Festivals and shadows…

WP_20150826_18_47_39_Pro__highresSummer is drawing to a close, and I thought I’d take a moment to update my blog on a couple of things I’ve been up to…

It was a big thrill to appear alongside Paul Magrs at a sell out Edinburgh International Book Festival event. We read from our most recent novels – Werewolf Parallel for me and Lost on Mars for Paul – talked about fantasy fiction versus science fiction, our favourite childhood books and the pleasure of re-reading and much, much more. I think we could’ve spoken for another hour very easily!

WP_20150826_19_19_44_Pro__highresWP_20150826_19_37_25_Pro__highresIt was great to chat to people afterwards, and I was especially pleased when several of Paul’s fans and readers said they were going to give my novels a go too – and indeed vice versa. I’ve always thought that this was what these sort of team-up events should be about, really — kind of like going along to a gig, discovering you like the first act, and buying their CD at the interval…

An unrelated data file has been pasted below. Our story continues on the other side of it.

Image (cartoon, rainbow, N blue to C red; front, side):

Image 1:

Here’s a smashing write-up from the ever diligent Bookwitch and one from Laura who has been a twitter pal for a while and came along to say hello and get her ‘werewolf’ signed…

I also had a chance in August to meet up with fellow Dark Shadows writers Rob Morris and Will Howells and Big Finish producer Joe Lidster. We recorded a podcast discussing the process of writing this year’s audio dramas PANIC (by me!) and THE CURSE OF SHURAFA (by Rob) , the late director Lela Swift, Dorian Gray, Edinburgh, the Dark Shadows Every Day blog and, of course, bacon. Or was it French Toast?